Kindred, and Reclaiming Kumbaya
By Hilary Misle
When real life feels too overwhelming, I like to escape into fiction. (To be honest, I like to escape into fiction when everything is peachy, too). But these last couple of weeks, with my heart aching and breaking in the wake of news about yet another black life senselessly ended too soon in my native country, I found context in a surprising genre — science fiction.
Kindred, a neo-slave narrative written by science fiction giant Octavia Butler, is a Black Lives Matter novel. The last few weeks, conscientious readers who want to better understand historic and structural racism started compiling reading lists — mostly nonfiction — to help them contextualize this moment in time. I’m no different, and I have several titles waiting to be read, including Between the World and Me by Ta-Nehisi Coates and Robin DiAngelo’s White Fragility: Why It’s So Hard for White People to Talk About Racism. But this one felt just as pressing to me as the critical examinations of racial dynamics. Why does a sci-fi / fantasy tale about time travel feel so relevant today?
Although it was published in 1979, Kindred corresponds very well to our modern world. Too well, really, considering the bulk of the story takes place on a plantation in antebellum Maryland. Several times throughout the novel, the protagonist, Dana, finds herself ripped from the present and thrust into a world where she is seen as a slave. While she can’t explain what’s happening, Dana realizes she’s traveling through time and space whenever the life of the white plantation owner’s son is endangered. The kicker? She can’t just let the boy die — no matter how badly she is mistreated — because he is her distant relative.
And make no doubt about it, Dana is mistreated, even after the boy, Rufus, comes to understand the reality of her predicament. “Mistreated” is really too gentle of a word to describe the sickening, sadistic punishments inflicted upon Dana and the other enslaved people. Not even the free black people she meets are safe from the whites, who control everything in that world. And therein lies the connection to today. Although slavery has been abolished, we haven’t achieved true equality, and we never will as long as the playing field remains unequal.
Thinking about how this novel fits into current society, my gaze focuses on Dana’s white husband, Kevin. During one of her trips to the plantation, he travels with her, and when she’s propelled back to the present, he gets stuck behind. For five years. Once he’s able to escape to the present again with Dana, she senses he has changed — and not just because he developed a slight accent. Did he become a slave owner? No. In fact, he even helped out with the Underground Railroad, to his own personal risk. But she can’t help but observe how he adapted a little too easily to the circumstances of that time and place. Even the enslaved children play at being field hands. “I never realized how easily people could be trained to accept slavery,” she says. And in some ways, to her horror, Dana feels almost comfortable there, too. Which leads to some uncomfortable questions.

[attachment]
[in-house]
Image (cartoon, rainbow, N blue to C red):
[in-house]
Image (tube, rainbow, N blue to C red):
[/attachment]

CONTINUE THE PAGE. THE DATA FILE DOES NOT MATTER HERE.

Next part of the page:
Speaking of parallels to our current age, the word “kindred” brings to mind family relationships, kinship, and also a certain kumbaya attitude that implies “we’re all one and we’re all the same.” For some readers, the title may evoke another popular refrain, “All Lives Matter,” seemingly used these days as a contrary retort to the increasingly insistent declarations that Black Lives Matter. On an interesting side note, it is believed that “Kumbaya” originated among African Americans in the South as a musical appeal to god to help those in need. More recently, that word has come to signify derisive doubt about compromise and cooperation.
Coming back to the original meaning: when we’re desolate, we may ask ourselves what more can we do but sing, cry, and pray like the desperate “someone” in the hymn? I would argue that it’s time to take back that song. But instead of appealing to a higher power, it’s time we take care of ourselves and of each other. I’d like to imagine Dana reclaiming kumbaya, along with her own power, in the climax of the book. There’s a breath or two where she considers going along and giving up; after all, it would be so much easier. And she doesn’t extract herself from the situation unscathed; far from it. Maybe she’d tell us that fighting for ourselves, our neighbors, and for justice isn’t easy. But when was the path to change ever smooth?
Antiracist reading list: https://www.goodreads.com/blog/show/1873
What are you reading to help you process the racial violence and disparities that’s on all of our minds right now? Let me know in the comments.